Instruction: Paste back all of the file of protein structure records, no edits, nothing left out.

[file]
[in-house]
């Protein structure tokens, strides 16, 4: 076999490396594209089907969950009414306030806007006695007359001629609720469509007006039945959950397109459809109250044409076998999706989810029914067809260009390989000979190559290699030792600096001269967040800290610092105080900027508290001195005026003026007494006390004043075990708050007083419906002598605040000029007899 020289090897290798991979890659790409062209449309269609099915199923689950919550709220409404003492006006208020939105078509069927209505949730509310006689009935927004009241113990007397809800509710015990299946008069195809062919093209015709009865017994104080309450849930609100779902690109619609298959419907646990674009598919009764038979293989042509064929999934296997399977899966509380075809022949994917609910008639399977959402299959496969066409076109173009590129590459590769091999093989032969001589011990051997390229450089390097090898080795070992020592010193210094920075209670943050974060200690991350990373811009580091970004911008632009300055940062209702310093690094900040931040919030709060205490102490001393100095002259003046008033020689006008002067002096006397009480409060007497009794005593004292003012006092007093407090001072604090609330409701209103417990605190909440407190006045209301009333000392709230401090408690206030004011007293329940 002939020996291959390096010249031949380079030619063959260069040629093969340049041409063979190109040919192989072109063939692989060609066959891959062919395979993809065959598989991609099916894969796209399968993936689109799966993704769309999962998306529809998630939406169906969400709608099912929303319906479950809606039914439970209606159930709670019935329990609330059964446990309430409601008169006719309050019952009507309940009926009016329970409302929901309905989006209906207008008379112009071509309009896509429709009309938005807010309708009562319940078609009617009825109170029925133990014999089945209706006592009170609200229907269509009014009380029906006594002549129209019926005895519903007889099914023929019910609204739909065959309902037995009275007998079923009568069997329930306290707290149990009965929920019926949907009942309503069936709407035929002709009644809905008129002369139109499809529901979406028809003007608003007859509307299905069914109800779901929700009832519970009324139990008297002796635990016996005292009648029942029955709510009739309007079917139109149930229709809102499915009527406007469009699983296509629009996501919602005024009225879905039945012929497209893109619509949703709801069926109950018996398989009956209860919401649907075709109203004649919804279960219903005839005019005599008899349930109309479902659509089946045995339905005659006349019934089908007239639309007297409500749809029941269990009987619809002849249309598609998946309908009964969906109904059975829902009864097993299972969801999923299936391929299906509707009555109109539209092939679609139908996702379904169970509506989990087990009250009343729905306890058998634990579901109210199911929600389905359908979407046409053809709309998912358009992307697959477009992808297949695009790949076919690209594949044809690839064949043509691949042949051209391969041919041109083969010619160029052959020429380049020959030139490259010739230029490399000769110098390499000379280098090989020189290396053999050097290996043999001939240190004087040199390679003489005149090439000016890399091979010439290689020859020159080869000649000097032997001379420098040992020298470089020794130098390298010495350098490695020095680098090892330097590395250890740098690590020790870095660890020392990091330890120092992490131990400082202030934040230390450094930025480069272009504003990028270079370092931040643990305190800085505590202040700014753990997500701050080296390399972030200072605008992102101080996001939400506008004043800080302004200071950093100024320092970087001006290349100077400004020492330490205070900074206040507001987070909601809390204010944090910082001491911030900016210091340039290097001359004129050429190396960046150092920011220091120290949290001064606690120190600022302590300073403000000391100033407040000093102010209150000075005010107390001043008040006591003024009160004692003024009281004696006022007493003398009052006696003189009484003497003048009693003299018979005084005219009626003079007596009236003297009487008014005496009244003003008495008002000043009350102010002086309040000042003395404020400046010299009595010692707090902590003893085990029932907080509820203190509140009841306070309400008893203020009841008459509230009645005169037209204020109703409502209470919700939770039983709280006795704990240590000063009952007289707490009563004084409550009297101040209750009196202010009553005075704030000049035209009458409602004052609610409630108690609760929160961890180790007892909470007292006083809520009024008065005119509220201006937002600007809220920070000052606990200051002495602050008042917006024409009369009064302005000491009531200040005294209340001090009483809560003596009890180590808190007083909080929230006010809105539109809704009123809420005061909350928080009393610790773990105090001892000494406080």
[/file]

[in-house]
């Protein structure tokens, strides 16, 4: 076999490396594209089907969950009414306030806007006695007359001629609720469509007006039945959950397109459809109250044409076998999706989810029914067809260009390989000979190559290699030792600096001269967040800290610092105080900027508290001195005026003026007494006390004043075990708050007083419906002598605040000029007899 020289090897290798991979890659790409062209449309269609099915199923689950919550709220409404003492006006208020939105078509069927209505949730509310006689009935927004009241113990007397809800509710015990299946008069195809062919093209015709009865017994104080309450849930609100779902690109619609298959419907646990674009598919009764038979293989042509064929999934296997399977899966509380075809022949994917609910008639399977959402299959496969066409076109173009590129590459590769091999093989032969001589011990051997390229450089390097090898080795070992020592010193210094920075209670943050974060200690991350990373811009580091970004911008632009300055940062209702310093690094900040931040919030709060205490102490001393100095002259003046008033020689006008002067002096006397009480409060007497009794005593004292003012006092007093407090001072604090609330409701209103417990605190909440407190006045209301009333000392709230401090408690206030004011007293329940 002939020996291959390096010249031949380079030619063959260069040629093969340049041409063979190109040919192989072109063939692989060609066959891959062919395979993809065959598989991609099916894969796209399968993936689109799966993704769309999962998306529809998630939406169906969400709608099912929303319906479950809606039914439970209606159930709670019935329990609330059964446990309430409601008169006719309050019952009507309940009926009016329970409302929901309905989006209906207008008379112009071509309009896509429709009309938005807010309708009562319940078609009617009825109170029925133990014999089945209706006592009170609200229907269509009014009380029906006594002549129209019926005895519903007889099914023929019910609204739909065959309902037995009275007998079923009568069997329930306290707290149990009965929920019926949907009942309503069936709407035929002709009644809905008129002369139109499809529901979406028809003007608003007859509307299905069914109800779901929700009832519970009324139990008297002796635990016996005292009648029942029955709510009739309007079917139109149930229709809102499915009527406007469009699983296509629009996501919602005024009225879905039945012929497209893109619509949703709801069926109950018996398989009956209860919401649907075709109203004649919804279960219903005839005019005599008899349930109309479902659509089946045995339905005659006349019934089908007239639309007297409500749809029941269990009987619809002849249309598609998946309908009964969906109904059975829902009864097993299972969801999923299936391929299906509707009555109109539209092939679609139908996702379904169970509506989990087990009250009343729905306890058998634990579901109210199911929600389905359908979407046409053809709309998912358009992307697959477009992808297949695009790949076919690209594949044809690839064949043509691949042949051209391969041919041109083969010619160029052959020429380049020959030139490259010739230029490399000769110098390499000379280098090989020189290396053999050097290996043999001939240190004087040199390679003489005149090439000016890399091979010439290689020859020159080869000649000097032997001379420098040992020298470089020794130098390298010495350098490695020095680098090892330097590395250890740098690590020790870095660890020392990091330890120092992490131990400082202030934040230390450094930025480069272009504003990028270079370092931040643990305190800085505590202040700014753990997500701050080296390399972030200072605008992102101080996001939400506008004043800080302004200071950093100024320092970087001006290349100077400004020492330490205070900074206040507001987070909601809390204010944090910082001491911030900016210091340039290097001359004129050429190396960046150092920011220091120290949290001064606690120190600022302590300073403000000391100033407040000093102010209150000075005010107390001043008040006591003024009160004692003024009281004696006022007493003398009052006696003189009484003497003048009693003299018979005084005219009626003079007596009236003297009487008014005496009244003003008495008002000043009350102010002086309040000042003395404020400046010299009595010692707090902590003893085990029932907080509820203190509140009841306070309400008893203020009841008459509230009645005169037209204020109703409502209470919700939770039983709280006795704990240590000063009952007289707490009563004084409550009297101040209750009196202010009553005075704030000049035209009458409602004052609610409630108690609760929160961890180790007892909470007292006083809520009024008065005119509220201006937002600007809220920070000052606990200051002495602050008042917006024409009369009064302005000491009531200040005294209340001090009483809560003596009890180590808190007083909080929230006010809105539109809704009123809420005061909350928080009393610790773990105090001892000494406080």